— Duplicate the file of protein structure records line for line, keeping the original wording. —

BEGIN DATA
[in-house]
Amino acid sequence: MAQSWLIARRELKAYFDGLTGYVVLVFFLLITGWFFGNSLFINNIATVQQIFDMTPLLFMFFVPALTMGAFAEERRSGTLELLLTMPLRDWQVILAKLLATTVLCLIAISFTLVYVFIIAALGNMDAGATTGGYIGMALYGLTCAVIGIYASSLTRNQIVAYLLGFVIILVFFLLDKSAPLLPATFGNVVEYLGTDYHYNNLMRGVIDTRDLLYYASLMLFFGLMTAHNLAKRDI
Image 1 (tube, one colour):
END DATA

[in-house]
Amino acid sequence: MAQSWLIARRELKAYFDGLTGYVVLVFFLLITGWFFGNSLFINNIATVQQIFDMTPLLFMFFVPALTMGAFAEERRSGTLELLLTMPLRDWQVILAKLLATTVLCLIAISFTLVYVFIIAALGNMDAGATTGGYIGMALYGLTCAVIGIYASSLTRNQIVAYLLGFVIILVFFLLDKSAPLLPATFGNVVEYLGTDYHYNNLMRGVIDTRDLLYYASLMLFFGLMTAHNLAKRDI
Image 1 (tube, one colour):